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kymber
 3 years ago
An object is launched at 19.6 m/s from a height of 58.8 m. The equation for the height (h) in terms of time (t) is given by h(t) = 4.9t² +19.6t + 58.8. What is the object's maximum height?
kymber
 3 years ago
An object is launched at 19.6 m/s from a height of 58.8 m. The equation for the height (h) in terms of time (t) is given by h(t) = 4.9t² +19.6t + 58.8. What is the object's maximum height?

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SmoothMath
 3 years ago
Best ResponseYou've already chosen the best response.1There are a couple of ways to solve this, and the method you should use depends on the type of math course you are in. Is this for a calculus course or an algebra course?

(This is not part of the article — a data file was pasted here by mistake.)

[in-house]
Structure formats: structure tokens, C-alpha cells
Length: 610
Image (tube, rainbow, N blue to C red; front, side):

kymber
 3 years ago
Best ResponseYou've already chosen the best response.2It's algebra two, year three in high school.

SmoothMath
 3 years ago
Best ResponseYou've already chosen the best response.1Ah, okay. Then the way to solve this is to recognize that the equation for the height is going to give you a parabola opening downward. The highest point will be at the vertex of that parabola. Do you know how to find the vertex?

SmoothMath
 3 years ago
Best ResponseYou've already chosen the best response.1The x coordinate of the vertex will always be \(\Large \frac{b}{2a}\). In this case, that will give you the time that the ball is at its highest point. From there, if you want to figure out the height, you can just plug that time into h(t).

SmoothMath
 3 years ago
Best ResponseYou've already chosen the best response.1Let me know if you have any questions.
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